Tuesday, November 16, 2021

RISD: The Night of the Long Knives

"June 10, 2019, is a big day," Superintendent Jeannie Stone said. "It's a big, big day." It was the day that the Richardson ISD Board of Trustees adopted the RISD Equity, Diversity, Inclusion (EDI) Policy in a unanimous 7-0 vote. "Once approved, trustees and members of the public delivered a standing ovation."

That was 2019. It was the same year that RISD adopted a 5-2 single-member district voting system, putting to rest a lawsuit against the district for violating voting rights of minorities. It was the same year the Texas PTA named Dr. Jeannie Stone "Superintendent of the Year." All of that was just two years ago, but somehow it now seems like so long ago.


What's happened since then? Dr. Stone has continued to champion the policies that earned her awards. The wisdom of RISD's EDI policy was made evident by the public reaction in 2020 to the murder of George Floyd in police custody. That shock reached RISD and is still reverberating through RISD today. Our community needs to figure out how to talk about race, ethnicity, religion, gender and sexual orientation. Our children need to, too, in age-appropriate ways. We can never make progress towards equity, diversity, and inclusion without being able to.

Likewise, the difficult actions taken by Dr. Stone and supported by the school board, led by former President Karen Clardy, in the face of the COVID-19 pandemic, were sincere attempts to protect the health and safety of our students, teachers, staff and visitors to our schools. Academic performance took hits all across Texas and America during the pandemic, but the hit taken by RISD was less than elsewhere. Instead of support and gratitude, these good-faith efforts were met by public vitriol.

On both EDI and Covid-19, Dr. Stone's performance showed why the Texas PTA was right in naming her its Superintendent of the Year in 2019.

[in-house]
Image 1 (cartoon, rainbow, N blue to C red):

Since 2019 six of the seven members of the Board of Trustees have left office. None of them expressed lack of confidence in RISD or its leadership. An argument can be made that, with the turnover, the new Board of Trustees has become dysfunctional in just two years. The new board is split. Those whose support for Dr. Stone's actions on COVID-19 safety protocols and EDI policies is in doubt are in the ascendance. Dr. Stone and Clardy were on the receiving end of contempt by some very vocal members of the community. Public signs of support by board members was rare. I suspect some board members might even have privately shared some of the public disdain for district leadership. Although Clardy never publicly explained her reasons for resignation in September, 2021, how could losing the support of her fellow trustees not have played a part?

At that point, Dr. Stone herself probably also no longer has the support of a majority of the remaining six persons on the board. With public opposition growing and with support for her on the school board ebbing away, Dr. Stone's own departure seems inevitable. The only question is when.

Monday night the board went into closed session for an agenda item that simply said, "Superintendent's Evaluation." No one is speaking publicly, but it is reasonable to conclude that this was no routine annual evaluation. The night of the long knives appeared at hand. No action was taken immediately after the end of the closed session near midnight, but if a departure is being arranged, legally, financially, and politically, it wouldn't be surprising if it couldn't all be finalized in one late night session. The handwriting is still on the wall, if the exact timing remains unknown.

If this plays out as expected, an insurgent faction on the school board has taken control. The district's future ability to deal with public health crises is significantly weakened. The district's EDI Policy is threatened, too. I have little confidence our remaining leaders will resist the opposition to EDI that is already leading to a purging of teachers, principals, and even library books elsewhere in Texas. With this new board in charge of hiring Dr. Stone's replacement, it's likely that the candidate they'll favor will be someone who will drop the ball on EDI and public health to focus instead on "basics," as if EDI and public health are not essential prerequisites for effective education in the basics.

Who knew that the last few elections for RISD Board of Trustees would mean such a devastating change for RISD? Can RISD restore the optimism we had in 2019? The elections for Board of Trustees in 2022, 2023, and 2024 will be the most critical elections for RISD in a generation. Whether we can turn things around and salvage some of the achievements of Dr. Stone's tenure will depend on whether we elect leaders who recognize the mistake we seem to be intent on making now.

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